The more children know about the storm and safety procedures, the more confident they will be. But keep it simple; detailed information is useless if children can't digest it.

Younger children may have trouble understanding the idea of a hurricane. Talk to them instead about its effects. They need to know that a hurricane can destroy homes and leave families without food, water, and electricity.

Using a map, help older children name the states and cities where hurricanes are likely to strike. Have them mark where you live in the hurricane zone.

Ask children, whatever their age, to make a list of what they do during a typical day. Explain to them that those activities might change if a hurricane hits: School might close; they may not get to play outside; they may have to eat different foods.

Involve children in preparations

It's important for children to feel they are a part of the preparations. Allow children to help plan and pack safety kits, help check hurricane shutters, make preparations for their pets.

Children should be reminded of their hurricane lessons throughout the year; a crash course in hurricanes only hours before one arrives may cause children to panic.

What to pack

A child's supply kit should be equipped with the same items included for an overnight stay at grandma's. Here's a checklist:

# Games

# Toys

# Blanket

# Stuffed animal

# Favorite books

# Favorite food

# Toothbrush

# Toothpaste

Rain gear

# Paper, pencils

# Coloring books

# Flashlight

Be calm as a storm approaches

As a storm approaches, children's fears can intensify. Grown-ups can help calm those fears with a common-sense, parent-to-kid talk.

You should start talking with your children about the coming storm, and what you're going to do about it, 24 to 36 hours before it arrives.

But, before you say anything, make sure you are not so stressed you will frighten them. Be sure to answer questions calmly, and remember that younger kids need less detailed explanations than older kids.

Here are some other tips:

Make sure children understand how important it is for them to listen to adults during the storm.

Parents should explain again that a hurricane is a giant windstorm, destructive and dangerous, but survivable with the preparations you've all made.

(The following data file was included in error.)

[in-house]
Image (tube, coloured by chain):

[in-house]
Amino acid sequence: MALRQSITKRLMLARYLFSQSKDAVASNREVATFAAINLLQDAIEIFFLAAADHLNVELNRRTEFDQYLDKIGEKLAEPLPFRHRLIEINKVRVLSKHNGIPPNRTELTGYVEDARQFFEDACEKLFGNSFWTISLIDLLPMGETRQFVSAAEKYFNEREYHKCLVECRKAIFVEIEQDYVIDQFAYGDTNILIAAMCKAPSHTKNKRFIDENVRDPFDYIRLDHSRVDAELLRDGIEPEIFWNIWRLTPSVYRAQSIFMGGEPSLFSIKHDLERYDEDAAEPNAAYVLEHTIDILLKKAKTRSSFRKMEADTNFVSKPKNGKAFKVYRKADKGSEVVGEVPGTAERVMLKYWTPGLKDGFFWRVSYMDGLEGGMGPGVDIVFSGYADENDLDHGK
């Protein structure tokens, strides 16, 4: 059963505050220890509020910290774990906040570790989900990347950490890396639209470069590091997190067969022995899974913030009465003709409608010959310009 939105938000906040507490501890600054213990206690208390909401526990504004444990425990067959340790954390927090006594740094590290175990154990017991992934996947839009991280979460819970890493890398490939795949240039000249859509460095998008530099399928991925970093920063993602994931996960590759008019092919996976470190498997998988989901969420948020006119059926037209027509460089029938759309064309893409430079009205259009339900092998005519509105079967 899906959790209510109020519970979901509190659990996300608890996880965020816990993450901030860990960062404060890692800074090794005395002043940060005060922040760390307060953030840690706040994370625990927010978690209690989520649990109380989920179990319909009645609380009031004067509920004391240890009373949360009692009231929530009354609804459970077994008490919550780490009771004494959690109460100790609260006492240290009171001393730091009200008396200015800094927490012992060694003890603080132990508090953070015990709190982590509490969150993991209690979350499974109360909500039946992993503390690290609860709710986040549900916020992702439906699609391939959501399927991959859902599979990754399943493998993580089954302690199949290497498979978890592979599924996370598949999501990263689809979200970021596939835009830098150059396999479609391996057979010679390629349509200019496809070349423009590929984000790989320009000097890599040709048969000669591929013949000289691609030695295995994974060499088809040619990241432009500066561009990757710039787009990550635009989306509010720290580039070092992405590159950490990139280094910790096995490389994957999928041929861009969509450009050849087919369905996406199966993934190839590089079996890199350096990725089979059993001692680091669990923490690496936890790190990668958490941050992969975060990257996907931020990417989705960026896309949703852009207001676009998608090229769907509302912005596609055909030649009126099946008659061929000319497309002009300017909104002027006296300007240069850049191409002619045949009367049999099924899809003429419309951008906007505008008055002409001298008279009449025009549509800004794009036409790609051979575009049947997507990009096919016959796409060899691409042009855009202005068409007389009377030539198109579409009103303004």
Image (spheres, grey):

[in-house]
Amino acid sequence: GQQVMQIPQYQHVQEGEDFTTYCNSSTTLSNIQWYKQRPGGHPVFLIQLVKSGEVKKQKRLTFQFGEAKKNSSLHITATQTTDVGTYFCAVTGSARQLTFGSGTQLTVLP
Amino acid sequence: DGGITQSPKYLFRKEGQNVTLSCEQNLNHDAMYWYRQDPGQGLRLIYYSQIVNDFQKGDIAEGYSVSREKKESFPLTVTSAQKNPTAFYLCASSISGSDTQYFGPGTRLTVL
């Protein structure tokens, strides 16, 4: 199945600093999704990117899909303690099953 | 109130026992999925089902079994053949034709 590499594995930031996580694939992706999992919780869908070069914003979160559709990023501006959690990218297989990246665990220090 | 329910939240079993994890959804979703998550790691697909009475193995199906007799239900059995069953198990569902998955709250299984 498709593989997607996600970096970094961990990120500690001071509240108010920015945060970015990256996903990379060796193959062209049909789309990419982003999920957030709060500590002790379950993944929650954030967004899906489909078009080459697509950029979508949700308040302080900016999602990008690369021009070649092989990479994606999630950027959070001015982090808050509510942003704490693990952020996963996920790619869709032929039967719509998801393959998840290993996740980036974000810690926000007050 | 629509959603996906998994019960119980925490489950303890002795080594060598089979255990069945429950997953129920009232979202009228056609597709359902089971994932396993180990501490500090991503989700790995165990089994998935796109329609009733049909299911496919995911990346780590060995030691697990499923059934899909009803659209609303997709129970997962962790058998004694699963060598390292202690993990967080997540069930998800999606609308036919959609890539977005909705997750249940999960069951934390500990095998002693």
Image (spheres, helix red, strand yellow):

The more children know about the storm and safety procedures, the more confident they will be during the storm and recovery.

At this stage, when the storm is threatening, it's more important than ever for children to feel they are a part of the preparations.

Let them help gather and pack safety kits, which should include their toys and games for quiet play in small areas.

At the grocery, when you're getting last-minute supplies, allow children to pick out some of their favorite foods.

Ask your children to close their eyes and imagine pouring rain and the sounds of whipping wind. Tell them the wind might knock down trees and houses and overturn cars. Then tell them to imagine how dark it is when they sleep at night -- and tell them that if winds knock out power, that is what it will be like.

Tell children the storm might be so strong that you will all have to leave home. You might have to go to a relative's home, a hotel or a shelter.

If you're going to evacuate the area, let children bring a favorite game or toy. Make sure it's relatively quiet and doesn't take up much space.

Wherever you stay, children should be firmly warned to stay away from windows and doors.

Explain that the storm might grow quiet during the passing of the hurricane's eye, but that the rain and roar will begin again after the eye has passed.

During the storm, children can listen to parents tell stories from their own lives or the lives of grandparents. Stories that call for participation, by clapping or repeating lines on cue, are best for relieving stress, especially for young children.